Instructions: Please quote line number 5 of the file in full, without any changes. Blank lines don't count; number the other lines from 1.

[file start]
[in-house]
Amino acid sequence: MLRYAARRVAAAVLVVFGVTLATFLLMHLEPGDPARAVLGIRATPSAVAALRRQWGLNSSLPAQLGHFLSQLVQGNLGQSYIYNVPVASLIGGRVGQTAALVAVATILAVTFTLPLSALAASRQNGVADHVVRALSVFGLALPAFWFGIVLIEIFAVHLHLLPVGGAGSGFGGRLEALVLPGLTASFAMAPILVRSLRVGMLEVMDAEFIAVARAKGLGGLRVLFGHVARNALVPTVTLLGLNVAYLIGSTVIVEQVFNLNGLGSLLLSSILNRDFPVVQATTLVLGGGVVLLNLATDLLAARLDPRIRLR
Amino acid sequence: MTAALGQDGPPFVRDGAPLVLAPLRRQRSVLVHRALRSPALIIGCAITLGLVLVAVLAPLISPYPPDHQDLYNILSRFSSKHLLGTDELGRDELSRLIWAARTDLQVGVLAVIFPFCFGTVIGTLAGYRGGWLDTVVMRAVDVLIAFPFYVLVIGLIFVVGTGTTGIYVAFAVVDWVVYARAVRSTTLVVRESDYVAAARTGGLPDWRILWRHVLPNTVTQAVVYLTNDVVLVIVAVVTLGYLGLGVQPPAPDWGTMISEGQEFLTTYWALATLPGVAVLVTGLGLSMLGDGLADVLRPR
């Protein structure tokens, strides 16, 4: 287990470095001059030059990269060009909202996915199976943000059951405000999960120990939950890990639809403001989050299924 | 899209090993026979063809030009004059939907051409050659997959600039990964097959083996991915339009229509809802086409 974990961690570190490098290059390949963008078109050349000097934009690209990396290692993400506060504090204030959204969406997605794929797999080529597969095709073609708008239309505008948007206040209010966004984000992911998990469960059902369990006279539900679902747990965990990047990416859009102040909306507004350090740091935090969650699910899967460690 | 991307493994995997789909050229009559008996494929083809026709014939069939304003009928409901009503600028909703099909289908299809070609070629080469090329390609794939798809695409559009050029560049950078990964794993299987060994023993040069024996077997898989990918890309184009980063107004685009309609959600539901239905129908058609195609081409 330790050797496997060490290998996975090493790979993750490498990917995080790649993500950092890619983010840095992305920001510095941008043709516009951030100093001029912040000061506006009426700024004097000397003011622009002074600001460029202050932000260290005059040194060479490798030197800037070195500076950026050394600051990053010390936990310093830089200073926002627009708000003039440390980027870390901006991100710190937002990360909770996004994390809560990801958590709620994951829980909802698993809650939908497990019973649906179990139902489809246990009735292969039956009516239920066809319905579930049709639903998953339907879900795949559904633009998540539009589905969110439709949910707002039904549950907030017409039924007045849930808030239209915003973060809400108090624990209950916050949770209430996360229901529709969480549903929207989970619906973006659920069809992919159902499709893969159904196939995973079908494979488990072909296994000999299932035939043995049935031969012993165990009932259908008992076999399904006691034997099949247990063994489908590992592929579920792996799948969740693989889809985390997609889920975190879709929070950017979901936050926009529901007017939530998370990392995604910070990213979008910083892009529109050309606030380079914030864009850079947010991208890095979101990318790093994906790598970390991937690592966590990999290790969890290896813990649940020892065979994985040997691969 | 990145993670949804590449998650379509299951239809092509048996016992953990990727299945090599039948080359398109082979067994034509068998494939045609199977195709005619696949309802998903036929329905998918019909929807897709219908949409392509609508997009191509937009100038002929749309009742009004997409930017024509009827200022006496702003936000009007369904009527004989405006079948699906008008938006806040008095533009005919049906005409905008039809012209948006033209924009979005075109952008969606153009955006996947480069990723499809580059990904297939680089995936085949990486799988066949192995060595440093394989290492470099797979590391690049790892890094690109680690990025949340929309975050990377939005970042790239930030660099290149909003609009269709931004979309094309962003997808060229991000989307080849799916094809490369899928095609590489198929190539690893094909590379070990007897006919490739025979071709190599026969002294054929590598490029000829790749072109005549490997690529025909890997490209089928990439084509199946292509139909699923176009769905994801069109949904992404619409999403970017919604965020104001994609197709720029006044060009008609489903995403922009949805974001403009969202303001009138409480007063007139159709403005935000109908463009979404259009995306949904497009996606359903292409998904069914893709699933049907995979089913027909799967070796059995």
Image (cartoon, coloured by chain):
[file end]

Image (cartoon, coloured by chain):